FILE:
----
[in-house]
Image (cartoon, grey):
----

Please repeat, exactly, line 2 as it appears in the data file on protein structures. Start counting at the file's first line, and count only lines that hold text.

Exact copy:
Image (cartoon, grey):